Churchwide conversation explores solutions to visible and invisible discrimination
by Gail Strange | Presbyterian News Service
In response to the National Racial Ethnic Ministries Task Force’s referral at the 221st General Assembly (2014), 40 participants selected from throughout the Presbyterian Church (U.S.A.) gathered at Stony Point Conference Center in New York for a conference on race, ethnicity, racism and ethnocentricity.
Referral Item 09-14, Recommendation 3, directed Moderator Heath Rada to appoint a planning team of 10 people to plan a churchwide conversation on race and racism. The attendees were selected for their dedication and work around the issues of race and racism. According to the referral, the recommendation for the churchwide conference was one of several intended “for the church to intentionally and honestly begin an ongoing effort to a path of reconciliation”.
Working in consultation with racial ethnic congregational leadership, racial ethnic caucus leadership, Advocacy Committee for Racial Ethnic Concerns (ACREC), Presbytery and synod leadership, General Assembly Committee on Representation (GACOR), Representatives from the Office of the General Assembly (OGA) and the Presbyterian Mission Agency (PMA), the conference was developed to help participants, and eventually the whole church, learn, discuss and reflect on these issues, and ultimately issue a call to action.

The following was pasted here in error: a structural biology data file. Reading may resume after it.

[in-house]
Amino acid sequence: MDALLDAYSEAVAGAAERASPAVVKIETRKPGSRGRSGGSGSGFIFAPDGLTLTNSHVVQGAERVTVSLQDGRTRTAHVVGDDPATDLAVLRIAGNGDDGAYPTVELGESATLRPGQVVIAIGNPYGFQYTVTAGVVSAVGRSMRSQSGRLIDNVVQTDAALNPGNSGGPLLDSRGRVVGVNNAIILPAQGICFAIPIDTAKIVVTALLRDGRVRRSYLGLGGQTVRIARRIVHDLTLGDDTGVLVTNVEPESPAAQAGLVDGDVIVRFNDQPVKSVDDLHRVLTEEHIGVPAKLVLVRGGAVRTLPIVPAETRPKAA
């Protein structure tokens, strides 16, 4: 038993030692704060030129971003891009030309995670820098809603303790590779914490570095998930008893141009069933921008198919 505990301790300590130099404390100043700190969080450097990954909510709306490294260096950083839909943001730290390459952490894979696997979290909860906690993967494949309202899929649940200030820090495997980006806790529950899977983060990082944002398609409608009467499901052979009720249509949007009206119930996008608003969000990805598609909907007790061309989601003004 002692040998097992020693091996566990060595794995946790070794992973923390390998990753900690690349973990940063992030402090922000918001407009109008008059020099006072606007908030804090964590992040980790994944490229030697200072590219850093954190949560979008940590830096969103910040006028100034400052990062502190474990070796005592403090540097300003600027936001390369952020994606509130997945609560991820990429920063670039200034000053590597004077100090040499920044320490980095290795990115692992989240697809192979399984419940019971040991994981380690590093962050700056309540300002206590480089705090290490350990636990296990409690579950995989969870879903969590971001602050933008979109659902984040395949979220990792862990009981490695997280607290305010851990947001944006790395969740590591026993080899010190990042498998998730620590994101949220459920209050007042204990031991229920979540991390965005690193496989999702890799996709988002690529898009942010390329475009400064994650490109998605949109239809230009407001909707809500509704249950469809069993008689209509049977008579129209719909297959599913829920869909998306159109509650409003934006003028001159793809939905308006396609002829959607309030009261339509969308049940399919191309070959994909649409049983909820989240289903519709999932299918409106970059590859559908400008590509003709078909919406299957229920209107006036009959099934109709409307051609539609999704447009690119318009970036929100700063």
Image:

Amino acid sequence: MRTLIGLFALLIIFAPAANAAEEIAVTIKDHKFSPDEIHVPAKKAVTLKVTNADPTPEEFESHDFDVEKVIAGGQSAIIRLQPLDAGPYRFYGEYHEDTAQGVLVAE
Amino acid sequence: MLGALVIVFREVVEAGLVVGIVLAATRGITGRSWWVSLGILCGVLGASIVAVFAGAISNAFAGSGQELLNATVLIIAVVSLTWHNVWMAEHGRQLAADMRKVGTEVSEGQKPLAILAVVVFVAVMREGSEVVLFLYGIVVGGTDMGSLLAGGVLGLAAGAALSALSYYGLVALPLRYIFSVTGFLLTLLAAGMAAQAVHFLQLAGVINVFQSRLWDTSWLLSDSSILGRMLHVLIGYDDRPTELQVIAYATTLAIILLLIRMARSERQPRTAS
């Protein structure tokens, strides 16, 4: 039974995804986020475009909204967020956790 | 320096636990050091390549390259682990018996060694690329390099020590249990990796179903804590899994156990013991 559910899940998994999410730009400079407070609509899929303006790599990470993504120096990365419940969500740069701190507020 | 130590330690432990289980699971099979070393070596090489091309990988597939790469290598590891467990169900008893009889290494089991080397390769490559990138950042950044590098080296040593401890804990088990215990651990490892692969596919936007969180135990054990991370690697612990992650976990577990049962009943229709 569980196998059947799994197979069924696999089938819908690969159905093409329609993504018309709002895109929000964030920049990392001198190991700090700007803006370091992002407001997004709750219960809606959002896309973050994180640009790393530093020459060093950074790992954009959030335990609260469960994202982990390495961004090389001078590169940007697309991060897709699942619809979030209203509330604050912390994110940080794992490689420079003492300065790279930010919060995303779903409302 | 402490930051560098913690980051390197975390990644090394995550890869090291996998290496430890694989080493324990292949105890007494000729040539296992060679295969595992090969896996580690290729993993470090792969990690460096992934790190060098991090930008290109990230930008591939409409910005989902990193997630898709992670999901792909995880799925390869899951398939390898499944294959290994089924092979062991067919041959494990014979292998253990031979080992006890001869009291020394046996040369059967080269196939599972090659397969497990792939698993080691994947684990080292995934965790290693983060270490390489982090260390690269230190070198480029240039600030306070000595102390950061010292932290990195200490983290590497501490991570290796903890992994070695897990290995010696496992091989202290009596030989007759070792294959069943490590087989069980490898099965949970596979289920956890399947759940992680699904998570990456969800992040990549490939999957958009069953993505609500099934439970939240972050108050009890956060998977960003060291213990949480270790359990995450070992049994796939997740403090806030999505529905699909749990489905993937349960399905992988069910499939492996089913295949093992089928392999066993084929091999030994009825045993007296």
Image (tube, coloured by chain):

“We cannot do the work of becoming God’s intercultural community without facing the sin of racism,” says the Rev. Rhashell Hunter, director of Racial Ethnic & Women’s Ministries. “The system of institutional racism is so pervasive that is continues to impact the ability of people of color to fully live out their calls in the Presbyterian Church (U.S.A.). The churchwide conversation on race, racism, ethnicity and ethnocentricity is a very significant conversation at this time in our nation. Unfortunately, we often recommend and ask people of color to attend these kinds of conferences, when many of the persons who we want to partner with us to change policies and practices to dismantle the system of institutional racism are often white Americans and, in our church, white Presbyterians. I am hopeful that we will find willing partners who can commit to the achievable goal of ending racism, becoming a more culturally humble church, and creating an environment of equality for all of God’s children.”
In addition to the conference, the Presbyterian Mission Agency Board on behalf of the Churchwide Conversation on Race, Ethnicity, Racism and Ethnocentricity Team will present several recommendations for approval at the 222nd General Assembly (2016). The full list of recommendations is available here.
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